NBA: Kenneth Faried got away with foul on decisive basket in Nuggets’ win over Bulls

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The Bulls’ biggest loss Friday was Jimmy Butler to injury. His absence certainly contributed to a loss to the Timberwolves the following night.

But Chicago also lost to the Nuggets on Friday, and perhaps that wouldn’t have happened if the game were called correctly down the stretch.

With Denver up two points and 21.1 seconds remaining, Kenneth Faried offensively rebounded a free throw and scored. The Bulls then intentionally fouled down the stretch, and Faried and Danilo Gallinari added a few free throws in the Nuggets’ 115-110 win.

One problem: Faried should’ve been called for offensively fouling Taj Gibson on the key putback, according to the NBA’s Last Two Minute Report:

Faried (DEN) extends his arm into Gibson (CHI) and dislodges him, affecting his ability to retrieve the rebound.

This was a huge swing. Instead of Taj Gibson – a 69% career free-throw shooter – going to the line for two attempts with Chicago down two points, Faried put the Nuggets up four. Even if Gibson split at the line, the Bulls would have been in significantly better shape.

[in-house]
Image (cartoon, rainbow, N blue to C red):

As usual, we can’t know what would’ve happened if this call were made correctly. But it significantly set back Chicago.

NBA considering if jump-on-back foul should be flagrant foul

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The video above is an intentional foul — Chris Paul jumped on the back of Dwight Howard. The same thing has happened to Andre Drummond.

Is it a flagrant foul?

The Boston Celtics tweeted this out on Sunday.

The NBA was quick to let people know that this is just something under consideration — there has been no change in the rules. This may well be where the league is headed, but it’s not there yet.

The NBA defines a flagrant foul as “unnecessary contact committed by a player against an opponent.” To me, leaping on a player’s back like that qualifies. (A flagrant two foul is “unnecessary and excessive contact” and leads to an ejection; this is not that.)

Jared Dudley — one of the more vocal players on union issues — added a good point.

Consider this part of the coming changes on the intentional fouling rules period. But this one tweak could come much faster.

NBA: Foul on Cavaliers that sparked Celtics’ comeback called in error

Cleveland Cavaliers' J.R. Smith makes a move on Boston Celtics' Evan Turner (11) during the third quarter of a NBA basketball game in Boston Tuesday, Dec. 15, 2015. (AP Photo/Winslow Townson)
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The Cavaliers were in great shape against the Celtics on Friday, leading by four points with seven seconds left.